Thorn EMI Video was a British home video company, owned by the music/electronics conglomerate, that also released its product in North America and Australia. It started life in 1979 as EMI Videogram before taking on its more well-known name in 1981, expanding to the United States later that year with 14 titles, including three music titles and one of two licensed videos of the Royal Wedding of Prince Charles and Princess Diana (the other being released by The BBC). Thorn EMI later evolved into a mini-major in the North American video business, with such titles as The Burning, The Bushido Blade, and First Blood. They also distributed product from Thames Television and some early New Line Cinema titles.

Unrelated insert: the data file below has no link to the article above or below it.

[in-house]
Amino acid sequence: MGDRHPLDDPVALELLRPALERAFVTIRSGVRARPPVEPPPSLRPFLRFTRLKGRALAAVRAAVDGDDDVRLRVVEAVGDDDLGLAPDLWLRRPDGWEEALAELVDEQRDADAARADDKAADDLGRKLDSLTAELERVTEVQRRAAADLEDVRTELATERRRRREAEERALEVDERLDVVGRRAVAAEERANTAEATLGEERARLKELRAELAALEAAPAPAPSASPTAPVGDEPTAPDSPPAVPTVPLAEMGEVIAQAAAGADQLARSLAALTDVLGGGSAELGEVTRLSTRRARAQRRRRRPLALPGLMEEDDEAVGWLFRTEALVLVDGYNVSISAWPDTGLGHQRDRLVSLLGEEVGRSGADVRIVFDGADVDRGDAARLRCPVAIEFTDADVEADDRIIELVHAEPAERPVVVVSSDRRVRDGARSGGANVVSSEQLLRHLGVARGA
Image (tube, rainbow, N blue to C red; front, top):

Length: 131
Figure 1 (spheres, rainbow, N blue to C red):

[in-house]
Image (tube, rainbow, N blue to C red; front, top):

In November 1984, Thorn EMI Video entered into a joint venture with HBO, which boosted its mini-major status. At least in North America, the company was now called Thorn EMI-HBO Video, gaining access to HBO product and becoming the exclusive distributor for many unreleased Orion Pictures films between the establishment of the joint venture and the foundation of Orion's video division (prior to the Thorn EMI/HBO joint venture, Vestron Video and Embassy Home Entertainment both released a bunch of films from Orion). Following The Cannon Group's purchase of the Thorn EMI library in 1986, the company became Cannon Video in the UK and HBO/Cannon Video in North America. However, Cannon was soon forced to sell Thorn EMI's library to producer Jerry Weintraub thanks to financial issues, and the company became simply HBO Video in 1987. Orion dropped out soon after that to setup their own video label, though some Orion films (including ¡Three Amigos!— a co-production of Orion and HBO) continued to be distributed by HBO Video. HBO also distributed Weintraub's Thorn EMI product in North America for the time he owned it, while Warner Home Video distributed it in the UK. HBO Video continued releasing product from a variety of firms (including Miramax Films, Thames, De Laurentiis, Hemdale, and Samuel Goldwyn, among others) through the late 80s and into the 90s, but gradually began concentrating on HBO-produced material as these companies shut down or found other distributors, and was renamed as HBO Home Entertainment in 2010 (its operations have also been streamlined with sister firm Warner Home Entertainment).